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Old 10-03-2010, 02:59 PM   #21
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Yeah there are PLENTY of American made 1911s. Since Springfield is an American company and they do their assembly work here, we might be able to swallow the fact that certain parts are made in Brazil. If you go to Springfield's page it is pretty apparent that they seem to be apologizing for the fact that some parts are Brazilian.

I own XDs, (about to go shoot one ) but 99% of my collection (except the ones that are intentionally foreign, i.e. AKs) are 100% American.

I'm not saying a Mil-spec Springfield won't end up being the result, but I am saying it's origin will be a consideration.

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Old 10-03-2010, 05:42 PM   #22
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Originally Posted by DrumJunkie View Post
Uhyup...Springers are assembled here for the most part but parts are made in the way down south. Para Ords.GI Expert is made here if I remember right. Then there's the Colt, Smith, Fusion, Wilson.
The good old American Colt has had so many ups and downs. It has been sold to foreign investors, resold, back and forth so many times.

S&W it is American but they just copied the 1911 pattern exactly the same as every other company. Para Ordnance was a Canadian company. They did relocate their plant to NC. Fusion, a small company that knocks off Dan Wesson. Kimber is American and so is Les Baer.

Even the FN M-16, M249 & M240 made in SC is owned by a Belgian company FN Herstal, aka Fabrique Nationale. They also own Remington and Browning
Our guys fight with their stuff every day.

There is very little that is 100% American made. Steel comes from Brazil, India, China and Korea. Same with screws, some springs and other small parts. The CNC milling machines are made in Japan, Germany and Korea.

Where is Streamlight made? I think mostly China. Where is your cell phone made? Where is your computer and tv's made?

Where were all the most popular guns designed? Where do you think all the money Glock makes goes? Back to Austria.

It is sad, but if the OP wants a 1911 that is mostly made in the US, it is going to be a much more expensive.

Really, read some history about Springfield Armory. It may not be what you think.
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Old 10-04-2010, 02:51 AM   #23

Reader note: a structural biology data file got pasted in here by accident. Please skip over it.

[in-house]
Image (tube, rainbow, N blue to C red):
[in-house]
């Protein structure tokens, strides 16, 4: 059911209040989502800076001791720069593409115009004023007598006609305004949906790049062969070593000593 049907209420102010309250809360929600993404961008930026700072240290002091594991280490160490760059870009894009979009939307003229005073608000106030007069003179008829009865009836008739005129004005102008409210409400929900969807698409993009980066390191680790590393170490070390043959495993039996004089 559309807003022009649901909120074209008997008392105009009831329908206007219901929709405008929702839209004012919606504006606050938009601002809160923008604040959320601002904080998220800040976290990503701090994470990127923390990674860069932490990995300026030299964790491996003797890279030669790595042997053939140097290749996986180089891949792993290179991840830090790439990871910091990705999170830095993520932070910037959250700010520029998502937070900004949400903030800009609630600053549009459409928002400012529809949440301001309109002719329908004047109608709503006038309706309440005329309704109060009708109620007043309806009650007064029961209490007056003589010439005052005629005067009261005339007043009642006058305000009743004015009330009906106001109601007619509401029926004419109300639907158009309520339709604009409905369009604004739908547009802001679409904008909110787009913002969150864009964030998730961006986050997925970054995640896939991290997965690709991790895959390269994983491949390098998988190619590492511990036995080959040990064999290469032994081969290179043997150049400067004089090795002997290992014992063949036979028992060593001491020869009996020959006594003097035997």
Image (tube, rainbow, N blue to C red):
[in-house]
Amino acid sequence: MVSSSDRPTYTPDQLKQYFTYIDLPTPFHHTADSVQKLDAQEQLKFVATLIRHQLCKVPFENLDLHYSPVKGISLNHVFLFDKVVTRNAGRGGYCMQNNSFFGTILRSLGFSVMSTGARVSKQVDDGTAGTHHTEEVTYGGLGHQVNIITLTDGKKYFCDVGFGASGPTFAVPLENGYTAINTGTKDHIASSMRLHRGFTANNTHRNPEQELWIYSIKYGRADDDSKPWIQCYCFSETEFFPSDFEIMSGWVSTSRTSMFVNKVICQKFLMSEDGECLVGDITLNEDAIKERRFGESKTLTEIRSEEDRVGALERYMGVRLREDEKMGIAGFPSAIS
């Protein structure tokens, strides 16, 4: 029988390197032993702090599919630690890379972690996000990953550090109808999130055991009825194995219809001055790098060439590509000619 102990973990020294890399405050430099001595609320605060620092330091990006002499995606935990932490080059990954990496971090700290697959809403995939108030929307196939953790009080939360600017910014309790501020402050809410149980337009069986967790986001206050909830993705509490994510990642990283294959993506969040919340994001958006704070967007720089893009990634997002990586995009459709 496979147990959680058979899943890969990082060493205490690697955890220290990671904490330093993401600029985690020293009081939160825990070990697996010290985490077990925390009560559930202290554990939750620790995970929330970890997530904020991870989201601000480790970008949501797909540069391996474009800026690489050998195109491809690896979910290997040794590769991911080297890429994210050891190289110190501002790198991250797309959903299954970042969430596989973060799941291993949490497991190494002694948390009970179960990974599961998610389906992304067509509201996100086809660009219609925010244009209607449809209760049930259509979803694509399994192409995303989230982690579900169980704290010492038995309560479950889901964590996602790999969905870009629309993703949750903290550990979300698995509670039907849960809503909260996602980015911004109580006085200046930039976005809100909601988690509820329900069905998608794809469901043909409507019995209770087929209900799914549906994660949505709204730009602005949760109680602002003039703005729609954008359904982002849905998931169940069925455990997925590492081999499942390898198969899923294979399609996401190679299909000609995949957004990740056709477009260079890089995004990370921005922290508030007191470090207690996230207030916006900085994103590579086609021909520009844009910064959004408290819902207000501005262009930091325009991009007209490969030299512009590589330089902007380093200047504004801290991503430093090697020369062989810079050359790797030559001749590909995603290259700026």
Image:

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Well. . . . . back to the topic. . .

I took my friend to the range today and we shot my Para LDA and Springfield XD .40 5" tactical. I let him do most (not more than 60% of course ) of the shooting, since the XD is his "other" consideration for the handgun.

We did all types of drills. Most were between 7-15 yards and consisted of 1 & 2 hand holds, including weak hand, rapid fire and various positions. Although he's shooting fairly well with most handguns in general, he shot noticeably better with the XD. His NPA is also much closer with the XD.

Although he did maintain that the 1911 "felt" better, like it belonged in his hands. This was also his first time shooting the Para and he has shot the XD before, but it's been several months.

After the session, which ended up being over 3 hours, the Owner reminded us to stop by his tent FIRST at the show this weekend. . . which we will

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Old 10-12-2010, 01:05 AM   #24
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Diggs, the best basic 1911 bar none is the Springer Mil-Spec. It has decent sights, flared & lowered ejection port, and forged slide & frame. Be wary as some folks will list a GI as a Mil-Spec and Springer doesn't help as they label their GI as the Mil-Spec GI. Quick way to tell is the GI has vertical slide serrations where the Mil-Spec has serrations angled towards the front.

These make great project guns and are good shooters as is. I've bought all of mine (except the long slide) used and the stuff JD listed is on point. It's not really difficult to spot a worn out 1911 at all. One caution - if it looks like a Dremel has ever been near the feed ramp - run don't walk away. This gun began life as a Mil-Spec...

I agree the SA mil spec is the best gun in that price range. Great project guns.
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Old 10-12-2010, 01:14 AM   #25
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Diggs - What's the latest??

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